01/23/2013 07:54 EST | Updated 03/25/2013 05:12 EDT

Why the Older You Are, the Happier You Get

There is one inalienable truth about happiness. Grumpy old men, and women, are not grumpy whatsoever -- contrary to popular myth. In fact, this truth remains the most contrarian of all research on happiness, and, to the best of my knowledge, is still the most evidence-based.

In a brilliant study published in 2010 in the Proceedings of the National Academy of Sciences, Arthur Stone and colleagues interviewed over 340,000 people in the United States by telephone to ask about how happy they were. The survey asked each person to rank overall life satisfaction on a 10-point scale and to answer six yes-or-no questions about enjoyment, happiness, stress, worry, anger, and sadness.

What the researchers found surprised them. Levels of stress and anger decline progressively and significantly after people pass through their early 20s. This is not a story about the feeling of emancipation that comes with graduating from college or paying for your own cellphone plan. We humans shed stress and anger bit by bit as we age.

Over 50 and Smiling?

When it comes to the feeling of worry, it follows a slightly different trajectory. Worry rises after age 18, but then falls again after 50. Perhaps by that time all your anxious worries have already materialized -- the career that never reached the heights you once imagined; the marriage that fizzled; the house that foreclosed; the friends who betrayed you; the children who turned out less than perfect. After age 50, there is nothing further to worry about and so one becomes increasingly happy. Or at least that's one explanation.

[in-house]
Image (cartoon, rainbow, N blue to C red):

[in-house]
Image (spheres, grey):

If true, this is of great significance for managers in recessionary times. Many over 50 have been thrust into long-term unemployment. Yet thanks to this new study, we now have powerful data to fight age discrimination in the workplace. Older workers are happy workers, and happy workers are more sensitive to client needs. Leaders, take note.

The study followed a careful methodology. All the various feelings were measured using tools called "Hedonic WB" and "Global WB." WB stands for well-being. This reflects one's own subjective view of the experience of well-being. External realities don't matter. You could be living in squalor (as long as you have a phone and can be reached in order to be surveyed) and you still apparently feel more and more content as you age. Amazing when you consider that by age 85 (the happiness apex apparently) one's physical health is generally not top notch.

Why would people be happier when they get older? Is it because they have accumulated material goods over their life span? Do riches make people happier? Apparently not. Being a man or a woman didn't make a difference, being single or partnered didn't make a difference, being employed or not didn't matter and neither did having children at home. In other words, outside circumstances didn't affect the outcome as far as the researchers could tell. Contentment is a state of mind.

Maybe world views change with maturity. You get wise and realize, by the time you reach your 80s, that possessions and earthly glory don't count. It's the emotional-spiritual dimension that really matters.

But there may be another explanation still. Perhaps the progressive elimination of crucial nerve cells in the brain have obliterated bad memories so there's nothing remembered worth worrying about? Nerve cells die at random, I was taught. But maybe that's not true. Maybe the nerve networks that record good times stay intact longer than those others that hold awkward, humiliating, depressing moments that you have ruminated over so often that the circuits are worn from overuse, burnt out, and the bad memories have melted away forever.

Whatever the reason behind the study's results, the news is good for older people (and something to look forward to even if you're young). By the time you hit 85, you'll be more satisfied with yourself than you ever were. Bob Dylan was right. You'll be so much younger then, you're older than that now.

This essay is adapted and updated from the author's 2010 blog at

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